Book Review: Last of the Giants: The Rise and Fall of Earths Most Dominant Species by Jeff Campbell

Last of the Giants: The Rise and Fall of Earths Most Dominant Species by Jeff Campbell is a nonfiction book for children and adults. Today, an ancient world is vanishing right before our eyes: the age of giant animals. Over 40,000 years ago, the earth was ruled by megafauna: mammoths and mastodons, saber-toothed tigers and giant sloths. Of course, those creatures no longer exist, due to the evolution and arrival of the wildly adaptive human species, among other factors. Many more of the world's biggest and baddest creatures—including the black rhino, the dodo, giant tortoises, and the great auk—have vanished since our world became truly global. Last of the Giants chronicles those giant animals and apex predators who have been pushed to extinction in the modern era.

Last of the Giants is a highly informative book that will appeal to readers that love animals, care about the environment, and see the connection between the two. I was glad to read about animals I had never studied before, and see the thorough and thoughtful way their existence and extinction. The use of history and biology together give readers a better picture of how thirteen large animals became extinct, or nearly so. I really like that the author includes some hope for readers that some of these creatures, and others on the brink of extinction, might yet survive. This hope includes information on conservation efforts, which just might encourage young readers to make some effort and changes to help locally or with the larger efforts already in place.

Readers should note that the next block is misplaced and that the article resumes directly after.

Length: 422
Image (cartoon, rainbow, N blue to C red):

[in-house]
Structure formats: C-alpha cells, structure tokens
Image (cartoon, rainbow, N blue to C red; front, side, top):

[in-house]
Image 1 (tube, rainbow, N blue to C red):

Last of the Giants is a very interesting and informative book. I learned new things, and liked how the author made what could have been fairly dry reading quite engaging. This will be a valuable resources for anyone that wants to learn about extinction, for the environment and people can greatly effect the world around them, and the creatures we share it with. 
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